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STUDIO: Magnolia Entertainment
RUNNING TIME: 94 minutes
SPECIAL FEATURES: None
Having suffered greatly at the hands of virtually every single person he’d ever loved or trusted, Tony Jaa’s Tien has to overcome impossible odds to avenge the deaths of his father, his mentor and the people of his home. The viewer has to overcome the film’s pathological desire steep everything in layers of inscrutable Buddhist symbolism.
Tony Jaa. Dan Chupong. Nirut Sirichanya. Petchtai Wongkamlao. Primorata Dejudom. Sorapong Chatree. Dozens of punched douchebags.
Originally conceived as a massive historical epic and a prequel to Ong Bak: Muay Thai Warrior, Ong Bak 2 was overcome with a monsoon of personal and financial difficulties, and it’s production company, Sahamongkol Film released it in a barely finished state. The film was a mess, receiving generally negative reviews from critics, but it still took its December 8, 2008 opening weekend’s top slot with $2 million, according to Variety Asia Online. For comparison, the top slot for the weekend of December 9, 2010 was taken by The Voyage of the Dawn Treader with only $1 million gross. So, Ong Bak 2, despite being a pretty terrible movie, made some cold, hard cash. In light of that, how could Sahamongkol Film say no to finishing up Ong Bak 2‘s story in a third film?
They should have.
Visually, the film has a few moments of real beauty. The Thai countryside is a mashup of dangerous jungles and rolling, mist-covered hills, and Jaa uses it liberally to infuse the film with a sense of sweat and grit. However, there’s an occasional overuse of CGI as the film sometimes drops in digital backgrounds on wide shots. I can’t help but wonder what kind of visually stunning film we’d have received from a more capable director like Terence Malick.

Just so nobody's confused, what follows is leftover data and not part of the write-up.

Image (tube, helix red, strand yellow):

If you want to get down to what this film is really about, if you want to dig through all the excessive layers of Buddhist symbolism and Baby’s First Character Development, this film is about one guy, Tien, having to overcome his desire for revenge and his physical sensations of pain to become the ultimate Buddhist ideal of the dispassionate warrior, utterly in control of his emotions. Buddhism has a short list of what they call Four Noble Truths, which are said to be basic truths that the Buddha Siddhartha Gautama experienced during his life.
- Suffering exists.
- Suffering arises from the attachment to desires.
- Suffering ceases when the attachment to desires is ceased.
- Freedom from suffering is possible by practicing the Eightfold Path.
This flick is all about showing these points on film, and Jaa must have ordered a copy of Mel Gibson’s playbook in order to really flesh that suffering out. Tien endures terrible beatings at the hands of his enemies, who spend the first act of the film mercilessly torturing him to the point where virtually every bone in his body is broken. He’s beaten with staves, rammed with a ceremonial log and chained to a gigantic statue for days. The man suffers, but the point that the film tries and mostly fails to get across is that he’s suffering due to his desire for vengeance. He wanted revenge for the murder of his father and the betrayal of his master, and that desire led directly to his capture at the hands of his enemy.